Love is in the air for one of our dearest supporters this Valentine’s Day
Emma Neville thought that she may never get the chance to be a mother when diagnosed with breast cancer at the young age of 23. Now expecting her first child in June and planning her dream wedding this year, Emma is looking forward to making her dreams a reality, post-breast cancer.
Being a keen supporter of Prevent Breast Cancer, Emma shares her true love story with us this Valentine’s Day, hoping to inspire others to stay strong and ‘fight for the life you want’.
Before you found out you had breast cancer, how aware were you that people in their 20s could develop the disease?
“I had no idea in all honesty – it isn’t something that I’d ever heard anyone in my age group talk about or even mention. I didn’t know anyone that had been through the disease either, so it never entered my mind until I found a lump that didn’t seem to be going away like my GP thought it would.”
What was your initial reaction to being diagnosed with breast cancer at such a young age?
“I don’t honestly remember my reaction. Everything is one huge blur from the moment we saw the doctor walk into the room with the breast care nurses. The only part I remember was getting to my parents’ house and sitting on the bed and crying. I think that was the moment it really hit me, but this was hours after hearing the doctor say those words: breast cancer. My first thought was that it was going to kill me and that was hard for a 23-year-old to sit and contemplate. But without my family and boyfriend, Liam, I never would have made it through. They were my rock and my escape when I needed it.”
Following your diagnosis, how did your perception of your future change? Did you see it as an obstacle to pursuing your dreams?
“At first, yes, I assumed I was going to lose all my hair from the treatment, possibly lose my breasts and, after being told about the possible impact of chemotherapy on my fertility, I naturally assumed the disease had also taken away my chance of being a mother one day. It also put a lot of strain on my relationship with Liam because, within a week of my diagnosis, we were having to discuss the likelihood of us having children in the future and were talking with doctors about egg harvesting. We both had to make decisions for our future that we didn’t even have time to reflect on. It was tough, but I like to think it has made us stronger having gone through it all together.”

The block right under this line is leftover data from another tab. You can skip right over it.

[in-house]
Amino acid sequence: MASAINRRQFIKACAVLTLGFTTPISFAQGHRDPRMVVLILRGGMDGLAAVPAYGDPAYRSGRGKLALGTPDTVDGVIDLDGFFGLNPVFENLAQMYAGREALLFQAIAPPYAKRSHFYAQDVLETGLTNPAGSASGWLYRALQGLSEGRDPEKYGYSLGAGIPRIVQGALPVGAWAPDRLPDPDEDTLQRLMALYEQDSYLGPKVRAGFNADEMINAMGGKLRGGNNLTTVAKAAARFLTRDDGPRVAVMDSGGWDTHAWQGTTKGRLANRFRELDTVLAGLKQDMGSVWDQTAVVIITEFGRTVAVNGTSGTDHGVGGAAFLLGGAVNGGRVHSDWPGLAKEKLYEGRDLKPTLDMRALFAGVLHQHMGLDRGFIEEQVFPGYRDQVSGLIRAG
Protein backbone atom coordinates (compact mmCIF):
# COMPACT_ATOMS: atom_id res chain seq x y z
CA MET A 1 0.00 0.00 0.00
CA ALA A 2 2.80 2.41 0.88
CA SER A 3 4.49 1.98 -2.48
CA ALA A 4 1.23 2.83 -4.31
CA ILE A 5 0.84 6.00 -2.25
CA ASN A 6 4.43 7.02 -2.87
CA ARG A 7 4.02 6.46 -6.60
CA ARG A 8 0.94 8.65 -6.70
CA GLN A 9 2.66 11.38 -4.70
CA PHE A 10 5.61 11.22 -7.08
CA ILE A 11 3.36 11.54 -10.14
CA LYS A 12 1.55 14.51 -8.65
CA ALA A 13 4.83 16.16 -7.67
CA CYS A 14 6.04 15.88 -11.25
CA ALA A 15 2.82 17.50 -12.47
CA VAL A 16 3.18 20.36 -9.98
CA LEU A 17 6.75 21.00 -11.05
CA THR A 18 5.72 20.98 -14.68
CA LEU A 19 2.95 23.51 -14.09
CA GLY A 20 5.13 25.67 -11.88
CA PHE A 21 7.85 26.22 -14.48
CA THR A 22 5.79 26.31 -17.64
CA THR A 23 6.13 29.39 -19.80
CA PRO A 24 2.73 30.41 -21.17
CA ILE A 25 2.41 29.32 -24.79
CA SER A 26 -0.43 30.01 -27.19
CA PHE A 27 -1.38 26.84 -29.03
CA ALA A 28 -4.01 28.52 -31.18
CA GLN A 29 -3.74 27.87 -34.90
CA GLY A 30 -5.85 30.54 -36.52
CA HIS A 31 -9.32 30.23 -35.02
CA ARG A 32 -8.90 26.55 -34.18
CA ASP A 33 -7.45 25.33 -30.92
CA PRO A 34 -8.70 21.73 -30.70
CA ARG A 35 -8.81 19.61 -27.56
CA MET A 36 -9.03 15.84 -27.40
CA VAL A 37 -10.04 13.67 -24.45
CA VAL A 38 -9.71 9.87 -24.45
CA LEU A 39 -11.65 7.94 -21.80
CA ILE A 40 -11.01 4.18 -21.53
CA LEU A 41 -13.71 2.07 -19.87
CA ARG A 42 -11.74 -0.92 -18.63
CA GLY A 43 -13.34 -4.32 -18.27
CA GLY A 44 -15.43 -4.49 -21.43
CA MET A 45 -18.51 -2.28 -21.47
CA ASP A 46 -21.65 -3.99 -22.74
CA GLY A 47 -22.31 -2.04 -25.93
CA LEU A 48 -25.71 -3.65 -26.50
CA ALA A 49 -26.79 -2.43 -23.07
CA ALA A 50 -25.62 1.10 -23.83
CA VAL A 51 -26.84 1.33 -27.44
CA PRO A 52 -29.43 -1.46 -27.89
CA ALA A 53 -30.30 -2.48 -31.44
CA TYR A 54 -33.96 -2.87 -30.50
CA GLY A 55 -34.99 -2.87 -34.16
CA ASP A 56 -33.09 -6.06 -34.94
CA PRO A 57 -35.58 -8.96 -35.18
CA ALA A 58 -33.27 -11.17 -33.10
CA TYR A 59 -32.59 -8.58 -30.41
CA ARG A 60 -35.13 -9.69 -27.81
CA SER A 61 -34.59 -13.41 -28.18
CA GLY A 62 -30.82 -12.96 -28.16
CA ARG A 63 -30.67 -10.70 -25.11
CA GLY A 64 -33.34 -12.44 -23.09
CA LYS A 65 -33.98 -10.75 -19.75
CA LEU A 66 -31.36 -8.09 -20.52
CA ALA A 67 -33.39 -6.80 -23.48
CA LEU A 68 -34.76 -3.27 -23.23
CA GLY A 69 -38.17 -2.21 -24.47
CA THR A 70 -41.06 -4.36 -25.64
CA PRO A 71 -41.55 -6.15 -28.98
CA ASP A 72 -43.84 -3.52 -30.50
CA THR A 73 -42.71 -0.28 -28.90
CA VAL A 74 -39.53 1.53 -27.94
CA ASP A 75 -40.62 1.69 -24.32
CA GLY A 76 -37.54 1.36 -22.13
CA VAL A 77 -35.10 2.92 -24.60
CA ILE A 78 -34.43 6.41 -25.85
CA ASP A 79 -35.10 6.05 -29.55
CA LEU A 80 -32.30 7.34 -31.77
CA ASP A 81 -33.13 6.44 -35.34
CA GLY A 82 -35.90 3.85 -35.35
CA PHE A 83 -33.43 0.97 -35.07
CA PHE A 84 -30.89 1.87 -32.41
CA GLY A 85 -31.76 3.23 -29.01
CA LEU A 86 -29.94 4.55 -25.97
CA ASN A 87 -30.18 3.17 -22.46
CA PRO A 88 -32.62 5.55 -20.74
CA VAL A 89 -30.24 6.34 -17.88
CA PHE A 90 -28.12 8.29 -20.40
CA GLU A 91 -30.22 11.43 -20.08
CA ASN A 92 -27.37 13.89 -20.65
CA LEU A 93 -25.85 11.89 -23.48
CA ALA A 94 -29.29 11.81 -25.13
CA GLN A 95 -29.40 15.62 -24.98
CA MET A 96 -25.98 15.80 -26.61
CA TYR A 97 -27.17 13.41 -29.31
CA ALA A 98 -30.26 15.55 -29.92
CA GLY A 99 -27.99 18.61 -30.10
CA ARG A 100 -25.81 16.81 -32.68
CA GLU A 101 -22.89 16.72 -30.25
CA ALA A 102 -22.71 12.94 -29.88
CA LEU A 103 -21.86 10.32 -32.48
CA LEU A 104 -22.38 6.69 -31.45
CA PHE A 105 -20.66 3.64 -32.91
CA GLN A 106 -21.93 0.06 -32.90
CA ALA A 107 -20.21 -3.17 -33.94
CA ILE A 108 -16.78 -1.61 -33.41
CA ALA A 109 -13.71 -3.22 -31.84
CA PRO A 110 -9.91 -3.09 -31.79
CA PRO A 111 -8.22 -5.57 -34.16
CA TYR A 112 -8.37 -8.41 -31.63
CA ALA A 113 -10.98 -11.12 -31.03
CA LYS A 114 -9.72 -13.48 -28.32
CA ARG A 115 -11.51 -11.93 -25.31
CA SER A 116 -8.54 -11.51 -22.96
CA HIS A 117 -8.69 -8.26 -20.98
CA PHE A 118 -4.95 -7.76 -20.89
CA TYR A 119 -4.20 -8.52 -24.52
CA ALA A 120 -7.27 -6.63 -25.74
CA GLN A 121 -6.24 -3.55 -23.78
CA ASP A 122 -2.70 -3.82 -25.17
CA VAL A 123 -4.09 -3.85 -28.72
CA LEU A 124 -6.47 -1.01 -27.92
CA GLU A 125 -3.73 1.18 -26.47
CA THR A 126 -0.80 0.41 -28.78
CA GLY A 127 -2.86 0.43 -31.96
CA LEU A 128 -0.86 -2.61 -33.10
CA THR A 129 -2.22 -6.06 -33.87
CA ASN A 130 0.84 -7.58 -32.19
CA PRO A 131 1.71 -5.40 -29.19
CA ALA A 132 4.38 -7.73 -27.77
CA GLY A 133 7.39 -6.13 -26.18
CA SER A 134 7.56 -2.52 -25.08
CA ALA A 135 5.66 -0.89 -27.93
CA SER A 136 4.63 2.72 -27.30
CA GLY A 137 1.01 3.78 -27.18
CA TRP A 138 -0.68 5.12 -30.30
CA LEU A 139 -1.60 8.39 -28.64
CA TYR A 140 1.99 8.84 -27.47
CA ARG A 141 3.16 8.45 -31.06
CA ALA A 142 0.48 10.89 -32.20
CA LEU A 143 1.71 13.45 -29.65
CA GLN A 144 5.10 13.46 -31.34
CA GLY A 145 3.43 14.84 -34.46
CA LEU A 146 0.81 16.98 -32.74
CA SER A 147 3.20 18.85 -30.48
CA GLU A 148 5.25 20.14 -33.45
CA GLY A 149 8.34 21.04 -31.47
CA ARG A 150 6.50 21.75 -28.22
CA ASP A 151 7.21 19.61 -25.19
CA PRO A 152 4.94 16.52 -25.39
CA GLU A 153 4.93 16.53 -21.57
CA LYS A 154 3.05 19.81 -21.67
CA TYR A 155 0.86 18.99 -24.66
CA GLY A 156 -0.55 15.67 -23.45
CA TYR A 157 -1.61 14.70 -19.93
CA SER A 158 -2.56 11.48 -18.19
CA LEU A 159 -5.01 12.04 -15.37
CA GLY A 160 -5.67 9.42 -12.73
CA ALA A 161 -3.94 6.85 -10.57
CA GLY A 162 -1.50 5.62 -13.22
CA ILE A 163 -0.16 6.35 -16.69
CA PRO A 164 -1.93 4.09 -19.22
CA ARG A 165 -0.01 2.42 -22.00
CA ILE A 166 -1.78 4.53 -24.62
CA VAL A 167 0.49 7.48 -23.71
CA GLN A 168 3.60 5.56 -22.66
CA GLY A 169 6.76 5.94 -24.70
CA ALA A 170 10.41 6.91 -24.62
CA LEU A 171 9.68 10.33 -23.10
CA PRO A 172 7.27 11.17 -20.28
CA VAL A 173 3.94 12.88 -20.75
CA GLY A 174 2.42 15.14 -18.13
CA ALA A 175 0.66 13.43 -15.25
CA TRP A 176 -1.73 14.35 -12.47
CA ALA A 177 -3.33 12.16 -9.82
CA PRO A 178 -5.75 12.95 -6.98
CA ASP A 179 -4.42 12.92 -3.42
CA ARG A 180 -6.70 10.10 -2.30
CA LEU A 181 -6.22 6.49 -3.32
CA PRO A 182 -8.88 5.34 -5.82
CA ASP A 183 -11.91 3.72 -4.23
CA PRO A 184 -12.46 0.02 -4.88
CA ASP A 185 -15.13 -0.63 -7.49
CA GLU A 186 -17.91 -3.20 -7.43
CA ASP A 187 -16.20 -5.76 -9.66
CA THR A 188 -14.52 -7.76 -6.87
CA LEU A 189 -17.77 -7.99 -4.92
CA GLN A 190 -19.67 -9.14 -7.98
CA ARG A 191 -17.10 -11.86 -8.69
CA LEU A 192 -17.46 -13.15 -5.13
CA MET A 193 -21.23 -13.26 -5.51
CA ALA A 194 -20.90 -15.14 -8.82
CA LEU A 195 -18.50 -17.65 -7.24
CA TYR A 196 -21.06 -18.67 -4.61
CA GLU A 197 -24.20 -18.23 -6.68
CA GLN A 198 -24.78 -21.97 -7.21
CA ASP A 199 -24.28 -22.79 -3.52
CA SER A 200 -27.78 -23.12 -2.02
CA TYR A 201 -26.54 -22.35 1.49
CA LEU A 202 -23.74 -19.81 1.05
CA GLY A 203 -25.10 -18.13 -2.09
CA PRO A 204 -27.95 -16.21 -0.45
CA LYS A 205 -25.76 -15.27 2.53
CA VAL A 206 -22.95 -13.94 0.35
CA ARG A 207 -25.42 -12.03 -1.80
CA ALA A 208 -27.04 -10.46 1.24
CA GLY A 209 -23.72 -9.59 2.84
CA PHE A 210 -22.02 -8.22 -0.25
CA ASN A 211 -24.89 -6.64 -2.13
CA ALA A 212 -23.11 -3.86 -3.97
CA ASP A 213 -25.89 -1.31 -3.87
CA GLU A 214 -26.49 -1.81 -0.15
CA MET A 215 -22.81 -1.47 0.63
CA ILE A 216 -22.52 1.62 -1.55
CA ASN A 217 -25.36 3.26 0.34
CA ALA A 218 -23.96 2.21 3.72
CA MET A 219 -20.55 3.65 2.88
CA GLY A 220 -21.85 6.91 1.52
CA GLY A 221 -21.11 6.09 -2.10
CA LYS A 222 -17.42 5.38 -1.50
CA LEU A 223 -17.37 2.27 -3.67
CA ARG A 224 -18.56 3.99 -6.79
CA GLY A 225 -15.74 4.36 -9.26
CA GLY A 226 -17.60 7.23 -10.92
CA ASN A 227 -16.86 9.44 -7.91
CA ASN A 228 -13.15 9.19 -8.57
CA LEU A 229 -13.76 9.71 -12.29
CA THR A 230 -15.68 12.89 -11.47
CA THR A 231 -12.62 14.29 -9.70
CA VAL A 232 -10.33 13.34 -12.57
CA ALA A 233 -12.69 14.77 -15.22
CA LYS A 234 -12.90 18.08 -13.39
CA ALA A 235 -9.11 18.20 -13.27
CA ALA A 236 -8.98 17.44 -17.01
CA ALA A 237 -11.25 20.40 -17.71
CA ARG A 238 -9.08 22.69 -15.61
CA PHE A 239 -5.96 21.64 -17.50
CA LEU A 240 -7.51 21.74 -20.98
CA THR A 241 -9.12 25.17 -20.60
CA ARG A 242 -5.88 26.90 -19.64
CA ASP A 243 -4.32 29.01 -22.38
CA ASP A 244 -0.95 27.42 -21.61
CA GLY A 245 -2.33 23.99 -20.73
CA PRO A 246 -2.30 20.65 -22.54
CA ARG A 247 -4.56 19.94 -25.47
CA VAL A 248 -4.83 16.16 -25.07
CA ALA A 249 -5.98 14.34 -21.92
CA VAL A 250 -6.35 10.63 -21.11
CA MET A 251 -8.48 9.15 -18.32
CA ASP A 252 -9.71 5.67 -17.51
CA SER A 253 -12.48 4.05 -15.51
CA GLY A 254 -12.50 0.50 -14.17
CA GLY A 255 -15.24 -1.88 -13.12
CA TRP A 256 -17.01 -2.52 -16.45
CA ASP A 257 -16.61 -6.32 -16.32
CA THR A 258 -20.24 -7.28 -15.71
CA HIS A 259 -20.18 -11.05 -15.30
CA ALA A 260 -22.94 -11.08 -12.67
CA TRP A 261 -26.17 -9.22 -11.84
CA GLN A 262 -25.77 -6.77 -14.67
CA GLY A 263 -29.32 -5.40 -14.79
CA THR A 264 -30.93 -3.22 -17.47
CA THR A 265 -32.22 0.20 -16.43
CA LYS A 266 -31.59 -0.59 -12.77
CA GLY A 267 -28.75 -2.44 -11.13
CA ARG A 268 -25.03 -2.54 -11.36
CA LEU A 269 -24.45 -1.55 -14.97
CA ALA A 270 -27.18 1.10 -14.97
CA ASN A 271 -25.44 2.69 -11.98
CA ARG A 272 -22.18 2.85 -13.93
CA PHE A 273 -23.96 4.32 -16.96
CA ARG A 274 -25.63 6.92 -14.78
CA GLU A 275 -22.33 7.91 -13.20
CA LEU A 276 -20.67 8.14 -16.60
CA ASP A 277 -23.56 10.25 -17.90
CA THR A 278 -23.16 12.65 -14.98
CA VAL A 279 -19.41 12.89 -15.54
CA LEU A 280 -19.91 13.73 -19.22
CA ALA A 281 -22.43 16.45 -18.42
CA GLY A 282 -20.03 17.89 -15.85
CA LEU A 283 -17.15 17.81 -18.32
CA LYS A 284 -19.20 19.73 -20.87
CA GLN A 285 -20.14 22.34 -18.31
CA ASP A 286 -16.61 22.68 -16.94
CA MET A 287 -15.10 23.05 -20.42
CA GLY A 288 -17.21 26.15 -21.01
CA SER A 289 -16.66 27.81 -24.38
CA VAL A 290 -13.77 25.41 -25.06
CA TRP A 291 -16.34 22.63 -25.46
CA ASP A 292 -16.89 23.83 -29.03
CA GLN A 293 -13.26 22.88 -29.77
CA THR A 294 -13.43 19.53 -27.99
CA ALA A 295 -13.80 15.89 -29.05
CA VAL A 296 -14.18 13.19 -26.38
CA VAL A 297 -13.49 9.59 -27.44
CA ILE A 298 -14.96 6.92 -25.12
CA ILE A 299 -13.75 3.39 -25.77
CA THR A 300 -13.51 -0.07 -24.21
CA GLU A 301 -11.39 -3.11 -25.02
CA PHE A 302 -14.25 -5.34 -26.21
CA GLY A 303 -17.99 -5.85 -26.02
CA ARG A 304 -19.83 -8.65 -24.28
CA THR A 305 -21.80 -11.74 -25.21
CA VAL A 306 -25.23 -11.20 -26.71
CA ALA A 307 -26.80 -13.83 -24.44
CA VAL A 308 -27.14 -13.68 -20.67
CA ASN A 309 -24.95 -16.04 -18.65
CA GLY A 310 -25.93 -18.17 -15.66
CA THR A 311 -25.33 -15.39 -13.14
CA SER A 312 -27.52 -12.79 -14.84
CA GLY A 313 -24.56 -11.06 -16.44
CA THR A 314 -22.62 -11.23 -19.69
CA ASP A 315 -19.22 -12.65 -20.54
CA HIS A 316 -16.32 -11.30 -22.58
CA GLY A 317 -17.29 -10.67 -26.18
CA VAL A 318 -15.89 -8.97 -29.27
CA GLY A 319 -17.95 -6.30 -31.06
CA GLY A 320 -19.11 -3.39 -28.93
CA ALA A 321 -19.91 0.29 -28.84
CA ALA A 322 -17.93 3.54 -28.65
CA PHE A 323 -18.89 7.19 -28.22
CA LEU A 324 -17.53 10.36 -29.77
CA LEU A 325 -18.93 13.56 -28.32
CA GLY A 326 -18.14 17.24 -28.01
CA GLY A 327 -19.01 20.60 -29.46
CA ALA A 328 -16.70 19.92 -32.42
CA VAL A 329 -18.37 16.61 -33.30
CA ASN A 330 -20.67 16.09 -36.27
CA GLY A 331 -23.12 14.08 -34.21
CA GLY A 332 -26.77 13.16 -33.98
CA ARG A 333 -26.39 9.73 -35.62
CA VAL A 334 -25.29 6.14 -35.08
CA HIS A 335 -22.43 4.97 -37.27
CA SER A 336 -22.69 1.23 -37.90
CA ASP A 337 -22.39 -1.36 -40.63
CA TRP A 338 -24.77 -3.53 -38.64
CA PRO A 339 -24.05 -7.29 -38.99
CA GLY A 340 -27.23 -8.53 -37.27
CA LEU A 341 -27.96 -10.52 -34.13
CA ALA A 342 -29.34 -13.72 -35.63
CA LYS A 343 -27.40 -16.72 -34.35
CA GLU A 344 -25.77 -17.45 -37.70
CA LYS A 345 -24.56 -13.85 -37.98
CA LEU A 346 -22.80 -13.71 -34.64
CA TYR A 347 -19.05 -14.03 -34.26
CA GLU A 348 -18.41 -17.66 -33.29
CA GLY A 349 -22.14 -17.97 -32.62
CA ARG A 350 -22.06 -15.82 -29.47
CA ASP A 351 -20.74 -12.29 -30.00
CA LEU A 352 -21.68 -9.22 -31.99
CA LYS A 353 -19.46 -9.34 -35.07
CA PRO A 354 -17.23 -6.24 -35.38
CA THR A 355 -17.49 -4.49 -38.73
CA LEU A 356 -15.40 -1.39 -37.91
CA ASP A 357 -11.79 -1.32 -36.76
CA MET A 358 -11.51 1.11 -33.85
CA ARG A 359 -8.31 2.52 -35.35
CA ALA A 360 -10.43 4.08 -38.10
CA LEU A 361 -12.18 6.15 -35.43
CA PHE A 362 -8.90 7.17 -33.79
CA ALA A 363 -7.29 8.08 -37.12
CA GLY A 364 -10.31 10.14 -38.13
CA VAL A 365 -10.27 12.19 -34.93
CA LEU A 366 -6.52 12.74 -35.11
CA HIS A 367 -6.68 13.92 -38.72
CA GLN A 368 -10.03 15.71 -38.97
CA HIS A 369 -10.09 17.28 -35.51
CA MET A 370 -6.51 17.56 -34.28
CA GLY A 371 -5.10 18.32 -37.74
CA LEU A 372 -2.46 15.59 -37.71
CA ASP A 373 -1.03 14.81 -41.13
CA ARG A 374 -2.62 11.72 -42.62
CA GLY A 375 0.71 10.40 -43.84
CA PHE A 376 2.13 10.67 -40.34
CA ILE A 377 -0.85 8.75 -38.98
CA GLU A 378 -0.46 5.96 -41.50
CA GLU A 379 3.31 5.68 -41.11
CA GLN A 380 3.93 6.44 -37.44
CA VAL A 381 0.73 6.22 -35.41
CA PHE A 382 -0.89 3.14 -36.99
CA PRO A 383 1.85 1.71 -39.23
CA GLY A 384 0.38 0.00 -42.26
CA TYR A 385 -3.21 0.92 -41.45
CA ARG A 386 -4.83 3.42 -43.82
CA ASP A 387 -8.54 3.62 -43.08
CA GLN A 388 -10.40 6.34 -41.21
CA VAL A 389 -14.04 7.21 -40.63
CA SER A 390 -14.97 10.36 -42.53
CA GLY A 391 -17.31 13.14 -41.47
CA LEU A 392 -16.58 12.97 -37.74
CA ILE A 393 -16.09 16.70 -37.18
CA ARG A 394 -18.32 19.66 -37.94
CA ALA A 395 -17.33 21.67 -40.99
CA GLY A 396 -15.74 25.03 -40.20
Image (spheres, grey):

How does it feel to be pregnant now and to have a wedding to look forward to, in light of what you’ve been through?
“It is the most amazing feeling ever. To feel our little baby moving around and seeing it on the screen at the ultrasounds still, makes me tingle and cry with happiness every single time! I never thought this was going to be possible and we were preparing ourselves for a tough time of fertility treatment and disappointment with every negative test. But now I know it is real and cancer hasn’t taken my life away from me. It has made me a stronger person and I am living every day how I want to now. We have our first child due in June this year and we are also planning our dream wedding on New Year’s Eve this year, too! I still attend regular check-ups at the hospital, but the cancer doesn’t define my life now and I am creating a new life post-cancer, which is everything that I have ever wanted.”
What message would you give to young women currently fighting breast cancer?
“Stay strong and believe in your own strength to fight for the life that you want. Don’t be ashamed to be scared or tired – have your moment but then pick yourself up and continue to fight. You are not alone and, although it is rare for young women to suffer from the disease, it isn’t unheard of. There’s more and more research nowadays and it is exactly why I support Prevent Breast Cancer to help spread awareness and to give support where I can. Without Prevent Breast Cancer, I wouldn’t have my confidence and life back. It is all down to the vital research that the charity conducts that gives women and men a chance to imagine a breast cancer-free future as a real possibility and live their lives to the fullest.”